And even that still leaves out one major player, a player that sells about half of all smartphones in the U.S. market. Apple CEO Tim Cook never comes to Barcelona and his company remains locked in a bitter legal war with Qualcomm and thus reliant on Intel’s far-trailing 5G technology. The company offered a total no comment and Intel’s announced 5G modem is due in time for 2020 phones. “Look, we have a great relationship with Tim and I’m his biggest customer in the U.S.,” Dunne says. “I’m going to get people massively excited about how quickly they can get (their) device on the world’s best network-I’m doing my bit.” I guess iPhone fans will have to keep their 5G champagne on ice a bit longer.
Cloud kings: Microsoft Azure is beginning to close the gap with AWS, according to a new State of the Cloud report from RightScale. Overall, the pie is growing for everyone, including Google and IBM, as businesses large and small carry out more tasks in the cloud, and become comfortable using multiple cloud vendors
Snubbing Seattle: Two weeks after leaving New York City in the lurch, Amazon has abruptly bailed on a plan to occupy a massive new office tower in its home town that would have housed up to 5000 employees. The company did not provide specific reasons for the pull-out but its tense relations with Seattle’s political leaders may have been a factor.
Secondhand spyware: Units of Cellebrite, the popular iPhone cracking tool used by law enforcement, are turning up for sale on eBay. In many cases, the seller hadn’t bothered to wipe the data.
Tik-Tok, please stop: The FTC fined the popular lip-syncing app a record $5.7 million under the child privacy statute known as COPPA. Tik-Tok, which had been collecting data on millions of kids under 13, will also have to put in an “age gate” that puts younger users in a different, more private version of the app.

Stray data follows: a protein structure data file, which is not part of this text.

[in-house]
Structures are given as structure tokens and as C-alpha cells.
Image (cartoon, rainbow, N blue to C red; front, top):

Not hip to be Square: Payment processor Square beat analyst expectations on earnings and revenue, and had a breakout quarter for its peer-to-peer Cash app. But shares nonetheless fell 7% on a muted growth outlook.
FOOD FOR THOUGHT
Social networks can be regarded as a “Status as a Service” industry, writes tech thinker Eugene Wei in a detailed look at why some networks succeed and others fail. The essay is rambling and, frankly, much too long but has some good nuggets including this one:
Copying some network’s feature often isn’t sufficient if you can’t also copy its graph, but if you can apply the feature to some unique graph that you earned some other way, it can be a defensible advantage.
Nothing illustrates this better than Facebook’s attempts to win back the young from Snapchat by copying some of the network’s ephemeral messaging features, or Facebook’s attempt to copy TikTok with Lasso, or, well Facebook’s attempt to duplicate just about every social app with any traction anywhere. The problem with copying Snapchat is that, well, the reason young people left Facebook for Snapchat was in large part because their parents had invaded Facebook. You don’t leave a party with your classmates to go back to one your parents are throwing just because your dad brings in a keg and offer to play beer pong.
IN CASE YOU MISSED IT
BEFORE YOU GO
Winter is still gripping much of the country, but baseball’s Opening Day is just a month away. As MLB mulls pitch clocks to speed up the game, new data suggests it may be the batters—and their parade of foul balls—who are most responsible for longer game times.